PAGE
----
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   RE: ubiquitous XML?

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  • From: "Simon St.Laurent" <simonstl@simonstl.com>
  • To: XML-Dev Mailing list <xml-dev@xml.org>
  • Date: Fri, 17 Nov 2000 18:11:39 -0500

At 09:54 PM 11/16/00 -0800, Chris Lovett wrote:
>1. XML is not a passing fad.  It is here to stay, despite all the weird and
>wonderful things we are all building on top of it.  XML is simply the
>standardization of an incredibly powerful design pattern that has existed
>for eons and will continue to exist for lots and lots of reasons.  The
>standardization of this design pattern is a hugely powerful thing creating
>all kinds of new opportunities from PDA to Mainframe and everything in

I'm certainly not arguing that XML is a passing fad.  What I'm arguing is
that the current approach to XML's continuing development may in fact
stifle more possibilities than they create.  If complexity grows faster
than capability, the net benefits are only apparent to those for whom
complexity is not a cost.

XML's initial rise had something to do with its approachability, and the
tools which supported it.  While the tools are continuing to improve,
however, the overall approachability is (IMHO) declining.

>2. The true genious behind simplicity is when it does not limit the complex
>from being possible.  This is the balance we must all strive for as we
>continue to drive the evolution of XML and it's related family of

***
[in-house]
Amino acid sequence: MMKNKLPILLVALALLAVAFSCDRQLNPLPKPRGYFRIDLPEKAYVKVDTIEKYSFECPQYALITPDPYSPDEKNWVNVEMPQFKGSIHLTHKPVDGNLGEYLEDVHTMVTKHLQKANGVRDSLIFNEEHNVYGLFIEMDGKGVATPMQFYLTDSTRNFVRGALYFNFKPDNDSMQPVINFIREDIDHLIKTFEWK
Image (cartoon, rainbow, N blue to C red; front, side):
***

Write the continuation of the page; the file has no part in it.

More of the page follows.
This is a nice vision.  However, it lacks perspective on the costs which
the complex can inflict on the simple.  While 'XML 1.0' still means more or
less what it did in February 1998, 'XML' no longer has the same meaning.
For some perspective on what 'XML' now includes, I'd suggest taking a look
at Xerces or MSXML, parsers which have grown capabilities well beyond XML 1.0.

Keeping the simple out of the way of the complex does not keep the complex
out of the way of the simple.  It's easy to say "If you don't like the
features, don't use them."  It's very difficult not to have to deal with
the features, however, if you don't have complete control over the set of
XML documents you are expected to process.  In certain limited cases, it's
easy not to use the features, for now.  In the total set of XML use cases,
however, there are many situations where different expectations require
developers to deal with the full range of possibilities.

It's also easy to say "Hide the complexity in tools."  While there are
undeniably better and better tools emerging for XML, those tools aren't
available in every situation, nor do they necessarily reflect the full set
of capabilities in the specs.  Again, this works, but only in a limited way.

On top of these problems are real integration problems created by the
continuing evolution of the XML specification family.  Namespaces in XML
introduces incompatibilities with XML 1.0 processing, and W3C XML Schemas
introduce a post-schema-validation-infoset which is only accessible to
those who use XML Schemas, not to mention some new interpretations of
Namespaces in XML.  XInclude adds some functionality to XML 1.0, but
inflicts new transition costs on developers.

There aren't obvious ways to make these things interact cleanly, but there
are some very good questions about how this layering works and doesn't
work, which might eventually lead to answers which allow the 'simpletons'
to get along with the 'complexities'.

>3. Sometimes the most valuable tool in software development is the garbage
>can.  When a given solution doesn't stand the test of time, then be honest,
>put all politics aside and start over.

Mortality in specifications may well be a good thing, but I don't see any
of that happening in the near future.

Simon St.Laurent
XML Elements of Style / XML: A Primer, 2nd Ed.
XHTML: Migrating Toward XML
http://www.simonstl.com - XML essays and books


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